China has played a very positive role with the North Korean issue. China knows the problem cannot be solved by force or by threatening and has been working hard to seek more meaningful ways.

    Instead of showing your ignorance here, do actually you have any meaningful and practical suggestions with regard to how China could do better?

    Some people like you just blindly blame China for everything! You should instead blame the US and UK for why they don't send troops to get rid of Kim and save Korea people!

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  • 11. At 5:35pm on 10 Sep 2008, TaiyuanRen wrote:



    Aren't we having the most shameless spoke persons ever lived in the universe?

    They tell nothing but lies.

    Still remember the State Council spokesman Yuan Mu's declarations in the Spring of 1989:

    - China never have media censorship. All news agencies are the responsibility of the chief editors: they decide what to publish!

    - I am responsibly telling you: there is no single casualty in the Tiananmen square in the night of 6/4.

    They can swear the coal is white and 1.3 billion of us would believe it in our hearts. That's how good they are.





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  • 12. At 7:33pm on 10 Sep 2008, MartinFang wrote:

    hahaha, data protection, the Chinese say. or they could have been sued by the North Koreans.

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  • 13. At 1:34pm on 11 Sep 2008, edomaghly wrote:

    He is the only Korean who has not claimed many ofl the Chineses inventions and traditions were oringinally by the Korean.

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  • 14. At 2:35pm on 11 Sep 2008, Peter_Sym wrote:

    Its worth reminding the world that when Stalin had his 'stroke' courtesy of Beria the world wasn't told for 6 months after he died.

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  • 15. At 2:39pm on 11 Sep 2008, grandsaracen wrote:

    His bouffant looks a bit thin in that picture, maybe a secret team of top Chinese hairdressers are fluffing it back up behind the scenes.

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  • 16. At 9:16pm on 11 Sep 2008, onjournalism wrote:

    To: 10* Zickyyy

    Thanks for your comments.

    I am not blaming the whole China; I am only talking about a small minority of political leaders who could do better than keeping quiet on Kim. For example, they could use their political and economic clout to put more pressure on Kim to help improve the living standard of his people--not Kim's own luxury life, of course.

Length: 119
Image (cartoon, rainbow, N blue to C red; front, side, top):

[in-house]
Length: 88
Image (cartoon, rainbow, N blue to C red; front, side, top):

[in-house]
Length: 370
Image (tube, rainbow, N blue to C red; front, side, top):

I believe many of our parents generation already know very well how things could be terribly wrong in the past if we Chinese, by which I mean 'ordinary people', just followed whatever was told to be true by the politicians.

    Politicians everywhere are similar; they try to impose ideologies onto the commoners and compete for ideological legitimacy on the international stage. That is why I personally don't like foreigners who criticise the entire China by resorting to 'democracy' or 'freedom'.

    There is an espionage movie called 'The Company', a story about the ideological fight beteween communism and capitalism during the Cold War. I particularly like the ending where the leading protagonist, a US spy, is confused whether his side represents good or bad guys. His superior then tells him that what is important is that they won the game--a political game between a small number of 'great thinkers' which resulted in a great number of innocent lives and sufferrings.

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  • 17. At 09:10am on 12 Sep 2008, I_love_China wrote:

    Truth will out.
    it's just a matter of time.
    let's wait and see.

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  • 18. At 4:07pm on 14 Sep 2008, thisisacryforhelp wrote:

    top of the top secrets in a secret state.

    The Chinese foreign ministry seems now have a unique taste for music! Supposedly it should have played hymns produced by the military "joy divisions" (or the art troups, depends on whichever interpretation you prefer).

    like ie, "I have not heard of that"

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  • 19. At 09:03am on 15 Sep 2008, ApratimMukherjee wrote:

    China will never answer this question for two reasons:
    1)Communist countries want to have cordial relationships with each other.
    2)If they give the answer,they will have no answer to the question how do they know that..(by whispers of North Koreans comming in China)
    Kim Jong-il is ill or fine can only be known through DPRK's two neighbours-South Korea and Russia(they also border DPRK).
    Japan is a good source.
    For citizens of DPRK,Pyongyang must fall and current government should go...
    China will never help.Has a Chinese helped a person ever?

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  • 20. At 10:35am on 15 Sep 2008, endyjai wrote:

    "I am responsibly telling you: there is no single casualty in the Tiananmen square in the night of 6/4."

    Weren't all/most of the casualties out of the square anyway?